There are thousands of landfills in the United States. Buried beneath each one of them, plastic leachate full of toxic chemicals is seeping into groundwater and flowing downstream into lakes and rivers.

Plastic poisons our food chain.

Even plankton, the tiniest creatures in our oceans and waterways, are eating microplastics and absorbing their toxins. The substance displaces nutritive algae that creatures up the food chain require.

Plastic attracts other pollutants.

Manufacturers’ additives in plastics, like flame retardants, BPAs and PVCs, can leach their own toxins. These oily poisons repel water and stick to petroleum-based objects like plastic debris.

Plastic affects human health.

Chemicals leached by plastics are in the blood and tissue of nearly all of us. Exposure to them is linked to cancers, birth defects, impaired immunity, endocrine disruption and other ailments.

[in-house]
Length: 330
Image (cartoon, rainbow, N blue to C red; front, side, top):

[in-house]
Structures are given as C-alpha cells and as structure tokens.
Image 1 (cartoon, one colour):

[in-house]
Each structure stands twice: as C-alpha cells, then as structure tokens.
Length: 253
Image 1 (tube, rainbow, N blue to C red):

Plastic threatens wildlife.

Entanglement, ingestion and habitat disruption all result from plastic ending up in the spaces where animals live. In our oceans alone, plastic debris outweighs zooplankton by a ratio of 36-to-1.

Plastic costs billions to abate.

Everything suffers: tourism, recreation, business, the health of humans, animals, fish and birds—because of plastic pollution. The financial damage continuously being inflicted is inestimable.

TAKE THE 4Rs PLEDGE

REFUSE disposable plastic whenever and wherever possible. Choose items that are not packaged in plastic, and carry your own bags, containers and utensils. Say ‘no straw, please.’

REDUCE your plastic footprint. Cut down on your consumption of goods that contain excessive plastic packaging and parts. If it will leave behind plastic trash, don’t buy it.